Scorsese also has a third film in development, Killers of the Flower Moon, which will star Leonardo DiCaprio and be produced by Imperative Entertainment. It will reportedly film this summer. Brendan Morrow

December 14, 2018

Apple just signed a massive deal that will surely make executives at Netflix, Hulu, and Amazon let out a collective "good grief."

Apple has purchased the rights to new Peanuts shows, specials, and shorts for its upcoming streaming service, per The Hollywood Reporter. The classic comic-inspired content will be produced by DHX Media, and it will reportedly include educational programming for kids, such as shorts with an astronaut Snoopy. Details about the other shows and specials haven't been revealed yet, but this will be the first new Peanuts material since the 2015 feature film The Peanuts Movie, which was released by Fox and made $246 million at the box office.

This is a huge get for Apple, which has been making moves this year to build up a library of original content with plans to launch its own streaming service to compete with the likes of Netflix, Hulu, and Amazon. The details of this service, such as whether it will be a standalone app or will live on existing Apple platforms like Apple TV, haven't yet been confirmed, but one recent report suggested it will roll out within the first half of 2019, per The Information.

Ahead of the platform's launch, Apple has already reeled in talents like M. Night Shyamalan, Steven Spielberg, Reese Witherspoon, Jennifer Aniston, Steve Carell, and Oprah Winfrey for other shows on the service. The company also signed a deal for new content from the Sesame Workshop in June, per The Hollywood Reporter. Needless to say, expect the escalating streaming wars, which resulted this year in more scripted content on streaming than on broadcast or cable TV for the first time ever, to become even more competitive in 2019. Brendan Morrow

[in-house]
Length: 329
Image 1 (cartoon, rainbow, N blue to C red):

November 15, 2018

Get ready to one day see Apple CEO Tim Cook at the Academy Awards.

Apple, having previously set aside $1 billion to start producing original TV shows and films, has signed a multi-year deal for original movies with hit indie studio A24, Variety reported Thursday.

Some of A24's films include Moonlight, which won the Academy Award for Best Picture in 2017, as well as Room, Lady Bird, The Florida Project, The Disaster Artist, and The Witch. Founded in 2012, the studio has had at least one film nominated at the Oscars for the past three years, and in 2019, its movies Eighth Grade, Hereditary, and Mid90s are among those in contention for top awards. Apple did not buy A24 completely, though, as had been rumored.

The deal with Apple is not exclusive, so A24 will make an unspecified number of movies for Apple and other movies elsewhere. It's not yet clear whether these films will be released in theaters or premiere exclusively on an Apple streaming platform, Variety writes.

This news shows that Apple is committed to attracting some serious talent for its slate of originals: the company reeled in Oprah Winfrey, Steven Spielberg, Reese Witherspoon, Jennifer Aniston, Steve Carell, Chris Evans, and Charlie Day for its new Apple TV shows. Before this deal, Apple acquired the rights to two movies from the Toronto International Film Festival, Deadline points out.

Amazon and Netflix have both previously received Oscar nominations for their original films, and Netflix's Roma is thought to have a chance at Best Picture in 2019. No streaming platform has yet taken home that top prize — it remains to be seen who might get there first, but with Apple now in the mix, the race is on. Brendan Morrow